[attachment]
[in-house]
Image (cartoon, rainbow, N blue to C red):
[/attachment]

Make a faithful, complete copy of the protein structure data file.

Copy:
[in-house]
Image (cartoon, rainbow, N blue to C red):